“It’s interesting to see what they did years ago.”


“I liked the dogs”

"Would you like to be an archaeologist? Why?"


“I would like to be an archaeologist because I like the Romans”


“I’d like to be an archaeologist so that I could find out what happened before Jesus Christ.”


“In one way yes I’d like to be an archaeologist because you get to find out what happened before Jesus Christ, in another way no I would not like to be an archaeologist because you can hurt yourself.” (even though he plays rugby)


“You can hurt yourself if you’re an archaeologist because sharp objects are dangerous”


“I don’t want to be an archaeologist because it takes too long to dig and is very hard work”


“To be an archaeologist you need lots of patience”


“I’d like to be an archaeologist to be famous and in a magazine.”


“I’d like to find out what the Romans had.”


“The farmer is also famous because he has an archaeological dig on his farm.”


“I’d like to be an archaeologist because it is really exciting”

Contributed by IWAN BALA

It was remarkable to come here, having heard stories about this place, and imagined other stories too. To stand on the floor that was stood on so long ago. Like Sean Harris, I am inspired to do some work based on this. Not sure what yet. Wedi mwynhau yn ddirfawr. 01/07/07

Contributed by SEAN HARRIS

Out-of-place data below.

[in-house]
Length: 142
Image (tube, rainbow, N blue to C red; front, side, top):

Visiting Llanmaes this time last year was fascinating as always – took a few photos, soaked it all up, went home… With no idea what it would lead to. I’m sitting here, talking to Nick Comerford, teacher from Aberdare School with whom I made the film Dadeni, a cauldron extravaganza based on finds from Llanmaes – sharks tooth, coin and so on. This time last year none of these had been unearthed. What will come from this years dig I wonder?

Contributed by NICK COMERFORD

I came down to the site in October, so it was nice to come back to see the site opened up. With a little help I’m starting to make sense of the colour of the earth, the position of the post holes, etc. I’m looking forward to seeing what turns up?

Contributed by ANNA

Only having come to Llanmaes for a week, today is my final day – and the week ends as it began, with everyone rained off site. But we had fair weather through the middle of the week, and good progress was made in the trenches. A mixture of pre-Roman and Roman finds in Trench 1 suggests that the site was occupied over a long period, intersecting features indicating that the (potential) settlement was built and re-built over the same spot. There are many post-holes in Trench 1, making an Iron Age settlement likely, although its shape (round or rectangular) has not yet been determined.

I have spent the week working on a large post-hole which, unexpectedly, developed into a second post-hole, almost certainly of different date. As the fill continued further and further back below the top soil, it felt at times as though I would be chasing this feature endlessly across the trench – but it was a nice change to be taken by surprise by a feature, and exciting to realise that the two intersecting post-holes might tell us something about different periods of occupation on the site.

A week is not really long enough to spend on as rich a site as Llanmaes, where new possibilities seem to emerge every day. As well as the potential Iron Age settlement, there is also possible evidence of a furnace, a hearth and a Roman building: plenty for everyone to mull over whilst skulking in the cabins and barns, keeping an eye on the rain.